I honestly don’t think there’s been a better year for movies in my lifetime. Who would have predicted we’d get a Mad Max film that wasn’t just a routine reboot? A space film that makes up for the disappointment of Interstellar? A promising Star Wars sequel?
And it’s not just the movies that have already been released. Three or four serious contenders for Best Picture are all releasing on Christmas. Even more unbelievable: two of them are westerns.
I doubt 2015 is the year westerns make their triumphant return to popularity, but it won’t be because Bone Tomahawk sucked. Keeping in line with other past-their-prime westerns such as Open Range, the 3:10 to Yuma remake, and The Proposition, Bone Tomahawk borrows more from John Ford’s day than Sergio Leone’s. It just treads a lot more lightly on its depiction of American Indians than Ford ever did.
For a film to show up so quietly on VOD, it’s way better than you would expect. Twenty years ago it would have been advertised extensively before dominating the box office for at least a week or two. And nothing about the film’s quality suggests it was made by a first-time director. There’s a scene so graphic and shocking towards the end, people would have talked about it the way they talked about the big reveal in The Crying Game or the leg-cross in Basic Instinct, if only the film had a wider release.
Bone Tomahawk begins with a couple of outlaws, played by Sig Haig and David Arquette, who make their living looting and murdering campers in the middle of their sleep. After slitting the throats of their latest victims, they stumble onto the sacred burial ground of the “trogdolytes,” a small sect of inbred cannibals. After the cannibals kill Haig, Arquette flees to a nearby town in which Kurt Russell’s character, the sheriff, shoots him in the leg. That’s kind of the sheriff’s thing: shooting bad guys in the leg.
Samantha (Lili Simmons) is a townswoman who’s recruited to operate on the outlaw’s leg in the jail cell. Meanwhile her husband, Arthur (Patrick Wilson), stays at home recuperating from a leg injury of his own. Samantha asks John Brooder (Mathew Fox) to escort her to the jail; Brooder’s a bit of a blowhard who brags about how many Indians he’s shot, a rather large figure that includes men, women, and children. Brooder doesn’t quite see eye to eye with many of the characters, least of all the town’s likable but kind of slow “back-up deputy,” played by Richard Jenkins. Jenkins is almost unrecognizable in his elderly man costume and makeup. In most movies, this character wouldn’t have survived the first third of the film, but Bone Tomahawk cares about its players too much to make them suffer predictable deaths, even though it ultimately puts them through hell.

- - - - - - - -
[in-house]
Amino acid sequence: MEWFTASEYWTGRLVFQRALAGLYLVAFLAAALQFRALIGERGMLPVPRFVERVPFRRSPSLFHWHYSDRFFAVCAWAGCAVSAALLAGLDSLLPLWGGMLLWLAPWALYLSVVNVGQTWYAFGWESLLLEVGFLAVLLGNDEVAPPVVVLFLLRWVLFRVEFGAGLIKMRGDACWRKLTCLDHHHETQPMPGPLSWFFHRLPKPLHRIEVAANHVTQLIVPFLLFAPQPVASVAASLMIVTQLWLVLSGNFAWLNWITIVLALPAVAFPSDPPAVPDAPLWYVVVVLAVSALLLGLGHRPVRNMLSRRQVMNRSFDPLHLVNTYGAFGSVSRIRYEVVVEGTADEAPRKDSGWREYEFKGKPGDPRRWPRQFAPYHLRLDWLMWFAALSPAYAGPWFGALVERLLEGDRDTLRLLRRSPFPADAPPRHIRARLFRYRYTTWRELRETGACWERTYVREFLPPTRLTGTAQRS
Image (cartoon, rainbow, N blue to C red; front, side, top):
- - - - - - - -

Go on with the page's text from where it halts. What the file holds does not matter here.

When the sheriff wakes up the following morning, he discovers the outlaw, Samantha, and the real deputy have been kidnapped in the middle of the night. There’s also the dead body of a stable groom, whose wounds lead them to figure out who’s responsible for the kidnapping. The sheriff, the back-up deputy, Brooder, and Arthur then set out to search for the cannibals’ cavern. It’s in the dangerous open spaces of the wild west that the movie stumbles into horror territory.
I found myself saying “oh shit” under my breath an awful lot.
I can probably count the number of films that legitimately terrified me on one hand. Bone Tomahawk is one of them. A lot of movies, especially westerns, coddle the audience to the point that even a child can reliably predict who’ll end up dead and who’ll be left standing by the end. With Bone Tomahawk you realize, early on, that absolutely no one’s safe. I’m not saying it’s just a suspension of disbelief thing. I’m saying that when the hero of the film starts out with an injured leg, you realize this isn’t the paradigmatic western where differences can be solved by a shootout.
That shocking scene I mentioned earlier is something so sick and unbelievably twisted, Bone Tomahawk will likely be one of those movies more people discover the older it gets. I just can’t imagine a movie this incendiary can come and go so peacefully. See it today and recommend it to everyone you know so that it can obtain its inevitable cult status sooner rather than later.